"I love how latex transforms the human body into a living sculpture. It smoothes and shines over the details, when you wear it you become a simplified form, like a character in a comic strip. It’s empowering to wear, you feel both constricted by its tightness while having complete freedom of movement because of its flexibility. When I saw latex vacuum equipment that’s freely available on the market it struck me how similar the aesthetic was to the stone friezes in at the V&A and British Museum. While wandering around these museums, passing through many different civilizations separated by hundred and thousands of years I was struck by the universal need to represent the human form in one way or another. I wanted to join in and do my own version but instead of trying to make something that’s permanent I wanted to make a living sculpture. The form of Trajan’s Column in the V&A’s cast courts particularly inspired me to make something that could be walked around and even inside.

When I found out I could make an airtight latex piece and create the vacuum with my own breathing this added another element to the work. As well as being about the body as a visual object the work became about it as a functioning motor and pushing it to the extreme. A lifetime of having asthma had prepared me for this, struggling and having to work hard to get enough air meant I was used to this kind of endurance. To make an airless environment with my own lungs is somehow empowering.  

When you are vacuumed in latex it's like entering into another world, perception of time and space changes. We (the performers) are separated from the audience by only a thin layer of latex but I aim to create the feeling of two different dimensions revealing themselves to one another."

Adam Electric, TOMB, SPILL Festival of Performance 2015, produced by Pacitti Company. Photo by Guido Mencari

       
     

Documentaion at SPILL Festival of Performance 2015, filmed by Ana de Matos, Chameleoneye Films

SPILL WRITING: Spill Geist: Breathless, imprisoned bodies

Over the past few days we have amassed memories from and onto bodies (and it’s Remembrance Day, and with all its complex politics, it acts as a frame, a gesturing echo). And amongst these, we’ve encountered condemned bodies, imprisoned bodies, narrative and subversive bodies. And today, when we begin with bodies encased in latex and end with a burning body, we consider our own relationships to structures and frames, to mediation and engagement.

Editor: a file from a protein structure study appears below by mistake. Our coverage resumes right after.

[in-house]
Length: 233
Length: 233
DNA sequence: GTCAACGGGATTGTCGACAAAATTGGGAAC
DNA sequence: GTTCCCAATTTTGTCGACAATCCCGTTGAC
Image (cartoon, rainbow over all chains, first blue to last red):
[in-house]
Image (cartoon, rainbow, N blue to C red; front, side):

I think of the confrontation with breath in Adam Electric’s The Tomb, the outlines of bodies in latex, sculptural and liminal (from womb to tomb). The uncomfortable encounter with this sealed, exhibited space of the other (in equal measure controlled and loose, living and dead), which both enacts and blocks affect (who are we, hearing this body and its cries, this dramaturgy of life and death and narratives of breath). The breath and voice become the poetics through which the confrontation is staged, as we consider the pause, the interruption, the being in between. This is a spectacle of struggle: in order for the vacuum to be maintained, breath needs to flow outwards and as it does, our relationship to the bodies changes.

The Tomb is both monument and sculpture; it is made by and through breath, which provides our own space of confrontation. I am confronted with suffocation (and its embodiment), with working through the body, with agency and invisibility, with these outlines that are constantly abstracted by the material, with their own howls and calls for response. (And I think of processes of life and death, of communication and shared languages).

The ballad of resurrection, the liminal space of the breathless body, the prosecuted body and the imprisoned body.

- Diana

Original writing : http://spillfestival.com/spill-geist-breathless-imprisoned-bodies/